Training is key to making Work from Home – Work. That’s why WITT trains all our job seekers

Published: 13 July 2020

By Juliette Smith

Like any other work task, you set the stage for success with proper training. That is the driving force at WITT as we deliver training on best practices, skills a better understanding of how to be the best Work from Home (WFH) employee you can.

Our first online training session was held in June. There are three things we do to ensure our Job Seekers are ready for work when we post their profile on our Web site.

  1.  Work from Home training
  2.  Testing to ensure Job Seekers have the skills they claim
  3.  Vetting the details of their work history

Training takes on a bigger role with the COVID-19 pandemic and many of us Working from Home for the first time under difficult circumstances. Our partners and children are also at home. A  survey by Optum Health in the US, found more than 51% of workers say their mental health has declined and 54% say their social health has also declined.

In many cases, it is because they don’t have the training to cope with a pandemic and WFH. In addition, they no longer have the same social support as existed before COVID-19. 84% of respondents have made the switch to remote working, while 40% are struggling to stay as productive as they were at the office. With the right skill set and technical tools, you can change the picture. As major firms like Shopify and the federal government decide that many employees will work from home permanently WFH is a reality for more and more workers.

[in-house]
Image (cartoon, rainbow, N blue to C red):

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Louise H. Reid, Career Coach

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Doris Haddad, , Career Coach

Our primary trainers providing the online training, are Doris Haddad and Louise H. Reid, both based in Ottawa and both with vast experience in training and career coaching.

Doris is a Bilingual Career Counsellor, with over 30 years of experience in Human Resources and Career Coaching, in both the public and private sectors. Doris provides effective job search techniques including video interviews, while career coaching a diverse audience, Louise is a coach and leadership consultant helping professional women achieve their goals. As a Chief Empowerment Officer, she brings 20 years of experience in several business sectors including technology. She also hosts a radio show and podcast.

What WITT Training Touches

Both trainers agree that Working from Home is both a challenge to your mind and your mechanical skills. They also agree, that most people don’t really understand what WFH entails and the kind of person you are is a major factor.

Here are some of the traits that tend to make you more successful at WFH.

Traits of successful WFH employees

  • Self-motivated and able to self-evaluate
  • Confident in your skills
  • Have the courage to take risks
  • Be organized and good with time management
  • Strong communication skills to tell your boss what you have accomplished and show the proof
  • Not easily distracted and able to focus on the work 

You also need to be health-conscious. You need to be sure you are looking after your health. “Set clear boundaries and be firm with yourself so that you don’t end up in overwork situation,” says Haddad.

In her training, these are all issues that Haddad wants people to understand and then discuss the skills to deal with those issues. She has three areas of focus.

  1.  Review the personality traits for success or failure